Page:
Tom Friedman didn’t like his last trip on the Acela (one-way ticket at the gate, ~$215) so now he thinks Michael Bloomberg should run for President:
I had to catch a train in Washington last week. The paved street in the traffic circle around Union Station was in such poor condition that I felt as though I was on a roller coaster. I traveled on the Amtrak Acela, our sorry excuse for a fast train, on which I had so many dropped calls on my cellphone that you’d have thought I was on a remote desert island, not traveling from Washington to New York City. When I got back to Union Station, the escalator in the parking garage was broken. Maybe you’ve gotten used to all this and have stopped noticing. I haven’t. Our country needs a renewal.
And that is why I still hope Michael Bloomberg will reconsider running for president as an independent candidate, if only to participate in the presidential debates and give our two-party system the shock it needs.
Well, he ain’t resting on his “wanker of the decade” laurels.
The thrust of the piece is that Mitt Romney is too much of an extremist due to his “ludicrous opposition” to tax hikes, and Obama has no credible plan to address the deficit. He leaves out that Romney’s “ludicrous opposition” has nothing to do with any personal ideological intractability and everything to do with the GOP base’s wishes and his own belief that they’re simply too high in the first place. And it doesn’t occur to Friedman that Obama’s lack of a meaningful deficit-reduction plan might have something to do with his economic advisors telling him they aren’t a problem.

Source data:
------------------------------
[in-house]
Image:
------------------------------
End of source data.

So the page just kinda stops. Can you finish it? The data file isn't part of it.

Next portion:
Until Romney sewed up the nomination I thought a Bloomberg run was a great idea. It would shave off just enough Obama voters in the northeast to hand the election to the GOP. Now I’m not so sure, especially now that Bloomberg has walked back his formerly unreserved support of Obamacare. Romney, especially with a safe northeastern VP pick like Chris Christie, would be fighting over the same set of voters.
But where does Friedman get off saying Bloomberg is “straight-talking, socially moderate and fiscally conservative?” He may express a salutary tolerance for gay marriage, but the man banned smoking outside and has a rather totalitarian view of the second amendment. He is not a moderate on social issues, he is an extremist. Nor does he feel any compunction about meddling in elections outside his own state to further his crusades. Wherever he deviates from either party’s standard view, he defers to greater centralization of power to accomplish utilitarian goals. Bloomberg is a progressive that knows how money works.
The fact that Friedman is either ignorant of or unbothered by that says a lot about his cheap, uncritical views on globalization too. A decentralized global market has given us iPads, Skype, and middlebrow culinary fads like quinoa, but the moment his cell phone service between DC and New York is dropped it’s time f0r a program of National Greatness atavism. The world only looks flat from the top of Bloomberg tower.
On a tangentially related note, check out Ron Unz’s cover story from the May issue about a nation in the midst of a Friedmanesque “renewal.”